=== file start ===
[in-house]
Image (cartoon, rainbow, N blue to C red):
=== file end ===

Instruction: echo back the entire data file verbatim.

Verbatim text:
[in-house]
Image (cartoon, rainbow, N blue to C red):